Norman Lamont said putting 17.5 per cent VAT on domestic gas and electricity and raising motor fuel duty by at least 3 per cent a year for an indefinite period would help Britain meet its international commitment to freeze emissions of carbon dioxide (CO2 ) at 1990 levels by the year 2000.
That commitment was made by the Prime Minister at last year's Earth Summit in Rio de Janeiro. The burning of coal, oil and gas in cars, power stations and homes accounts for most of Britain's emissions of CO2 , the most important global warming pollutant.
'Together with measures which have already been announced, these tax proposals should take Britain two thirds of the way to meeting the Rio target,' he said. 'They will do so in a way that does the least possible damage to the competitiveness of British industry.'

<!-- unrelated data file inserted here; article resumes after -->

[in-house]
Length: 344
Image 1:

Groups such as Friends of the Earth felt Mr Lamont's new- found environmentalism, which went far beyond the modest green measures in his two previous budgets, stemmed from the huge extra revenue that his measures would generate. Chris Smith, Labour's environment spokesman, said the Chancellor's green claims were bogus because he had provided no positive incentives to encourage energy saving, only negative ones.
The Association for the Conservation of Energy said the widening of VAT would cut household fuel consumption by less than 2 per cent and the nation's CO2 emissions by less than half a per cent.
It comes at a time when, in real terms, gas and electricity prices are stable or falling.'Reuse content